Obama extends sanctions on Zim as UK softens

2015-03-05 14:56


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I won't protect corrupt officials, says Mugabe
I won't protect corrupt officials, says Mugabe

Zimbabwean President Robert Mugabe has said that he won't be protecting any government officials accused of corruption, adding that those accused of graft must, however, be given a chance to answer for their crimes in a court of law, reports say.

Cape Town – The US has reportedly extended sanctions on Zimbabwe by another year, arguing that President Robert Mugabe and his cronies continued to undermine the country's democratic processes.

According to The Herald, in a notice titled "Continuation of the national emergency with respect to Zimbabwe", Washington also claimed that Mugabe was a threat to US foreign policy.

Washington said: "The threat constituted by the actions and policies of certain members of the government of Zimbabwe and other persons to undermine Zimbabwe's democratic processes or institutions has not been resolved".

The US said these actions and policies continued to pose "an unusual and extraordinary threat to the foreign policy of the United States".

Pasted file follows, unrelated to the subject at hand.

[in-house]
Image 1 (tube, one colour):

The US sanctions were first imposed in 2003.

Frosty relations

The move has, however, been described by Africa as "senseless and meaningless", said the report.

Mugabe, 91, is the current chairperson of the African Union (AU). The nonagenarian is also the Southern African Development Community chairperson. 

The extension of the US sanctions on Zimbabwe comes at a time when the British government is said to be dispatching its secretary for international development to Harare for meetings set to amend frosty relations between the two countries.

New Zimbabwe.com reported on Wednesday that Zimbabwe had welcomed London's overtures to improve sour relations since western countries imposed sanctions to punish Mugabe for alleged rights abuses and electoral fraud.

Ruling Zanu-PF party's UK chairperson Nick Mangwana said Zimbabwe and the UK could not afford to walk away from their shared history.

'Shameful' role

"There have been differences in the past but everyone is making an effort to normalise relations for the benefit of both parties," Mangwana was quoted as saying.

 Last week, London mayor Boris Johnson, who is also tipped to be the next Conservative Party leader, openly admitted that Britain played a "shameful" role in Zimbabwe's economic woes.

In an article published in a UK daily The Telegraph, Johnson stated that Zimbabwe was now the second poorest nation in the whole world, adding that former British prime minister Tony Blair had a hand in the southern African country's mess.

"... It is vital to recognise that Zimbabwe was not always like this, and did not have to be like this. This [Robert] Mugabe tyranny is no accident – and Britain played a shameful part in the disaster," Johnson wrote.

Read more on:    robert mugabe  |  barack obama  |  us  |  zimbabwe  |  southern africa

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